When the fame of that first production began to spread, as it soon did, young
Remington was called on at first by a few and soon by many others to make guns for
them.  At first he made only the barrels, but gradually extended his operations to the
finishing of the complete guns.  Down to about 1831 the work was prosecuted at the
home place, and the demand for the Remington barrels and guns far exceeded the
capacity of the insignificant works."

Read more about the Remington family's development of agricultural implements,
sewing machines, and typewriters at
Remington Rand
Building, NYC
Philo Remington
1816 - 1889
Samuel Remington
1819 - 1892
Funny coincidence of the week:


After doing the latest quiz yesterday on the Smith Tower, I checked Ebay for what new
listings there are for Portland, Maine, as I look for old Portland stuff and I could not
believe this item below pops up. Then this terrible song starts to play in my head, "it's a
small world after all!"  Played by the keys on Smith typewriters of course.

"leases,Smith Typewriters,1906,Portland Exchange,Maine Item number: 7628557972"

Fred Stuart
Remington, Jr.
1828 - 1924
Our Readers' Comments
Several of our Quizmasters got a lucky break because they live in the Seattle area and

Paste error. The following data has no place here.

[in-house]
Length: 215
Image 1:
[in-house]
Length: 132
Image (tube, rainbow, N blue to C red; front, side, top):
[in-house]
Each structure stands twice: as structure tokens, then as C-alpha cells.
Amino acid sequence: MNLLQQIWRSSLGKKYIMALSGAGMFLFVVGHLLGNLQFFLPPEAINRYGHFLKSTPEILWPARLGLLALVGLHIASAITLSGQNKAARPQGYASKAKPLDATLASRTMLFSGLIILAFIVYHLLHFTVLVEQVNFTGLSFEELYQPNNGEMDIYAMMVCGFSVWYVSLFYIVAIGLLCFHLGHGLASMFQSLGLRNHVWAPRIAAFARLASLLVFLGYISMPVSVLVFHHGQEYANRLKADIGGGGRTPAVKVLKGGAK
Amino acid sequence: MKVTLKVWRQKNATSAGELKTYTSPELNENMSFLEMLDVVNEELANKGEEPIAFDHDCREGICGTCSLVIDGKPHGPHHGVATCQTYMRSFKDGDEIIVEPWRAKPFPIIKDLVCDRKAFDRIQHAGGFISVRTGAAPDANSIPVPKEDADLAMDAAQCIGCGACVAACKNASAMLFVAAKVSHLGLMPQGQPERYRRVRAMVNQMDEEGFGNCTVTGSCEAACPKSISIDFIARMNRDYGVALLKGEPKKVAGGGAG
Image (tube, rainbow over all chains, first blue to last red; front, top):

recognized the building immediately.

Hi Colleen,

Well, what a nice surprise to see Seattle's own Smith Tower featured on the site.  I
remember going up in the tower when I was just a little girl and being scared to death!  
I hated it and was sure the whole thing would fall down or I'd fall off...

Anyway, the tower is named for Lyman Smith of Smith-Corona and Smith & Wesson
and was the tallest building outside of NY for over 50 years.  Even though it's now
dwarfed by tall buildings it's still very grand!

Sue Edminster
Granite Falls, WA
(about 50 miles NE of Seattle)
Congratulations to our winners!

Vicki Hilb       Heather McLeland-Wieser
Jim Berry                Suzan Farris
Eva Royal                Carol Phillips
Elizabeth Mackie                Walter Wood
David Lepitre                Betsy Scott
Susan Fortune                Mary Fraser
Judy Pfaff                Ken Smith
Steve Zalewski                Alice Hix
Mike Hogle                Randy Seaver
Anne Gengler                John Chulick
Fred Stuart                Stan Read
Rick Mackenney                Sue Edminster
Raymond Cathcart        Mark Brzys (aka R. Jenko)
Marty Guidry                Bobbie Sims
Dale Niesen                Marilyn Hamill
Debbie Sterbinsky                Phyllis Barattia
Sherry Marshall                Elaine C. Hebert
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somewhere in the Pacific Northwest. Searching on Google produces information on an
Seward Hotel (not Hotel Seward) in Alaska, and a Hotel Seward that was
located in Seattle in the 1930s. The one in Alaska does not look like the mystery picture
(and has the wrong name). The description of the one in Seattle published in
CornerStone,  Issue #10, Summer 2003 fits the mystery photo better.
Quiz #63 Results